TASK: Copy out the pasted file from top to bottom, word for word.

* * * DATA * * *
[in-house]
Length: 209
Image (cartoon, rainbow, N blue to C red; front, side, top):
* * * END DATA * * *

[in-house]
Length: 209
Image (cartoon, rainbow, N blue to C red; front, side, top):